Co2 Injection what method do you prefer? - The Planted Tank Forum

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post #1 of 16 (permalink) Old 06-30-2013, 04:40 PM Thread Starter
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Co2 Injection what method do you prefer?

What do you guys prefer?

Using a reactor attached to a canister to dissolve co2?

or just putting on a glass bell diffuser and straight into the tank?

I have a diy reactor using pvc that im currently using...only down side is since its not clear pvc i cant see if co2 is actually even going in or not...only thing i can rely on is the bubble counter...if anything the reactor is slowing down my GPH rate in which water returns due to the fact that it has to push through a 12" chamber thats 3" diameter...i can try to shorten the length of the return tube but it would only be about 6" and would be a waste to cut a great looking new fluval tube just to get 6" off...
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post #2 of 16 (permalink) Old 06-30-2013, 05:01 PM
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I had diffusers and got sick of the bubbles and them clogging up. A week ago I made a cerges reactor using a clear filter housing, and now I'd never go back to a diffuser if I could help it. No bubbles. Never clogs. Less crap in the tank.
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post #3 of 16 (permalink) Old 06-30-2013, 08:06 PM
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Quote:
Originally Posted by Aheartlessfish View Post
What do you guys prefer?

Using a reactor attached to a canister to dissolve co2?

or just putting on a glass bell diffuser and straight into the tank?

I have a diy reactor using pvc that im currently using...only down side is since its not clear pvc i cant see if co2 is actually even going in or not...only thing i can rely on is the bubble counter...if anything the reactor is slowing down my GPH rate in which water returns due to the fact that it has to push through a 12" chamber thats 3" diameter...i can try to shorten the length of the return tube but it would only be about 6" and would be a waste to cut a great looking new fluval tube just to get 6" off...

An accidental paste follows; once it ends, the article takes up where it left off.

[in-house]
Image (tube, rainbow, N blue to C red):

pushing water through an extra 12" of 3" tube is not slowing down your water flow. The length of the tubing does not matter.
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post #4 of 16 (permalink) Old 06-30-2013, 10:49 PM Thread Starter
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Originally Posted by Bandit1200 View Post
pushing water through an extra 12" of 3" tube is not slowing down your water flow. The length of the tubing does not matter.
O really? thats new to me haha...i heard the longer your tube is the less flow...but good to know. Which method is preferred though?
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post #5 of 16 (permalink) Old 07-02-2013, 12:28 AM
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"Preferred" is hard to answer, since it's a preference. Everyone has their own. Mine is the inline reactor for a couple different reasons.

The large diameter of the reactor section will slow down the flow inside that particular section, which is what you need to keep the air inside that section. If you didn't make that section larger to slow the flow down, it wouldn't work, it would just blow the co2 bubbles into the tank. Slowing the flow in that section does not affect your overall rate. After the water goes back into the normal sized return, the flow is pushed back up to it's original rate (or pretty close to it).

What can affect the flow rate when you add stuff to your plumbing like that is the number and the degree of the bends. Those will generally be minimal though, unless you have a real fetish for a lot of right angles to get you connected.
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post #6 of 16 (permalink) Old 07-02-2013, 06:36 AM Thread Starter
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I see what your saying.

Maybe i should just redo the hosing just to put myself at ease....sometimes i think my hose connection is leaking or something but thats just me...again having the reactor be pvc, sucks not seeing whats going on
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post #7 of 16 (permalink) Old 07-02-2013, 07:43 AM
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Originally Posted by Bandit1200 View Post
pushing water through an extra 12" of 3" tube is not slowing down your water flow. The length of the tubing does not matter.
Not according to basic fluid mechanics Friction is everywhere, even on the insides of tubes/ pipes...

But what causes the most flowrate loss is likely the extra turns that the water has to go through to get through the reactor.

I, and many others, have had problems with gassing fish using reactors... Not my personal favorite.

I personally prefer seeing the microbubbles flying around the tank. Looks like a snow globe and is easy to visualize that CO2 is going into the tank, though diffusers are a pain to bleach every so often.

I still like them though. Have never used a cerges reactor, though they look pretty cool.